In Re Kildow , 232 B.R. 686 ( 1999 )


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  • 232 B.R. 686 (1999)

    In re Kevin D. KILDOW, Debtor.
    Kevin D. Kildow, Plaintiff,
    v.
    EMC Mortgage Corporation, Defendant.
    Kevin D. Kildow, Plaintiff,
    v.
    Midwest Savings Bank, Defendant.
    Kevin D. Kildow, Plaintiff,
    v.
    City Loan Financial Services, et al., Defendants.

    Bankruptcy No. 94-51378, Adversary Nos. 98-112, 98-113, 98-114.

    United States Bankruptcy Court, S.D. Ohio, Eastern Division.

    March 19, 1999.

    *687 David A. Skrobot/Myriam Waksman Gluck, Skrobot Pope Levy & Fisher LLP, Columbus, Ohio, for plaintiff.

    Frank M. Pees, Worthington, Ohio, Chapter 13 Trustee.

    Kenneth C. Johnson, Bricker & Eckler, Columbus, Ohio, for Midwest Savings Bank.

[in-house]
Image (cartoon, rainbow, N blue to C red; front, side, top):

D.L. Mains, Jr., Weltman Weinberg & Reis Co., LPA, Columbus, Ohio, for City Loan Financial Services, Inc.

    Kathleen E. Hayes, Lerner Sampson & Rothfuss, Cincinnati, Ohio, for EMC Mortgage Corporation.

    ORDER GRANTING DEFENDANTS' MOTIONS FOR SUMMARY JUDGMENT

    CHARLES M. CALDWELL, Bankruptcy Judge.

    The adversary proceedings captioned above have arisen from the chapter 13 case of a single debtor, Kevin Kildow. The adversaries are before the Court on the *688 motions for summary judgment filed by each of the Defendants. Because they raise identical legal issues, the Court will dispose of all three adversaries in a single order. In view of the voluminous history of this case and the long-standing dispute between the parties, the Court will very briefly set forth some of the facts of Mr. Kildow's chapter 13 case, and will focus on those facts directly relevant to each of the adversary proceedings and the respective property interests.